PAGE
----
Don't miss: Instagram Live with Gabriella Smith and Sigal Cohen, May 7th 6pm EST @gabriellasmith!
In this week's Ethical Closet Series we speak to Sigal Cohen, founder and designer of SIGÁL, a brand that creates beautiful and ethical tropical resort wear.
Miami-based, Venezuelan designer, Sigal Cohen Wolkowiez is the sole creative force behind her namesake label SIGÁL. In 2008, Wolkowiez, a trained graphic designer, completed a Printed Textiles Program at London's Royal College of Art. Immediately after graduating from the program, she began handcrafting textiles with motifs including watercolor prints, ink illustrations, and collage techniques for various clients in the fashion industry.
In 2015, Wolkowiez decided to strike out on her own and launch SIGÁL to express her universe of color and textiles in an authentic way. Her visual language is informed by the cultural idiosyncrasies of her native country from the tropical landscape to indigenous fauna. The digitally printed textiles in each of Wolkowiez’s collections are inspired by a far-flung location enriched by her personal library of references.
UP: Tells us about your brand, why did you start your label?
SC: SIGÁL is an ethically crafted, statement resort wear brand that fuses my tropical upbringing in Venezuela with my background as a textile designer. Each collection is full of vibrant, festive colors and whimsical prints that come to life through effortless silhouettes—all made with natural fibers, such as lotus, linen, cotton, and silk.
I started SIGÁL with the goal of bringing boldly printed clothes to the world without harming it. I also wanted to create a collection that would represent the ease of coastal living. The perfect Miami casual uniform for every day and traveling.
UP: How do you get inspired to design your prints?
SC: I’ve always been inspired by the bright lights, lush nature, and Latin music of my hometown of Caracas. This, combined with the influence from my adopted hometown of Miami, its marine life, the art deco architecture, pastel color palette, and the confluence of culture from so many Latin countries here, results in my universe of Tropical Maximalism.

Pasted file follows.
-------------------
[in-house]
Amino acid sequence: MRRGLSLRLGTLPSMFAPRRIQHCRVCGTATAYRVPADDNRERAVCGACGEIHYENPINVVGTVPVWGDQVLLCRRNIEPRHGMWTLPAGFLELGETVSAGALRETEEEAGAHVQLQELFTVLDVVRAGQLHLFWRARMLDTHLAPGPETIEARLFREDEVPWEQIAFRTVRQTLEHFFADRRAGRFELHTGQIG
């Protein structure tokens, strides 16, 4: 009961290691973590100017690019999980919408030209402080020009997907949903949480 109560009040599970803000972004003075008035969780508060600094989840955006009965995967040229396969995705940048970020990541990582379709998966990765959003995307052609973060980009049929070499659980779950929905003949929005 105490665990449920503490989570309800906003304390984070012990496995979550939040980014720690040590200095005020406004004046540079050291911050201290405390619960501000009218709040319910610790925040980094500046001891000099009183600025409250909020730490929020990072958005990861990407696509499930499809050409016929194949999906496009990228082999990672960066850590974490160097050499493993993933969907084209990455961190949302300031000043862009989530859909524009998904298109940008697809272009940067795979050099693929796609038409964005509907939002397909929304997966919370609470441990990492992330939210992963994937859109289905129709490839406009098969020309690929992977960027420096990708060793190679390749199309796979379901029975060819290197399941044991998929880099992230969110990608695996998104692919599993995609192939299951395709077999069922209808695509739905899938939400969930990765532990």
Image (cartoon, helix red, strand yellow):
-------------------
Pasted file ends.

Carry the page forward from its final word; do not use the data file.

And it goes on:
UP: What is the print design process like?
SC: The prints are meticulously created from hand-painted watercolor and ink-based art. These energetic works are created in a serendipitous fashion. Relying on emotions and improvisation, and sometimes observing palm trees and foliage from my window, I create impulsive strokes on paper with a brush soaked in water, in a process I call “blind painting.” I then drop ink which reveals the motifs drawn with water. Those marks eventually become more intentional, resulting in bold designs. I usually create other elements with bold marker traces, such as stripes, polka dots, animal skins, which I then combine with the watercolor designs to create the final prints. Most of them are placed directly on the garments in the collection.The garment then becomes a blank canvas on which each design element is intentionally positioned.
UP: How do you choose your materials?
SC: I have 5 pillars that the materials should comply with.
- Natural Fibers and sustainability: I only choose fabrics made with natural fibers such as cotton, linen, and silk. Most of our garments are made with a sustainable fabric called Lotus, which comes from the stem of the lotus flower. I work with a factory in India that is an expert in fabrics, and are also at the forefront of sustainability, together we find the best sustainable materials. I am also really excited because together we are developing a new Tencel fabric for my upcoming collections.
- Look: Since most of our fabrics are printed, it is important for the fabrics to have a beautiful look, to begin with, and that they properly absorb the inks.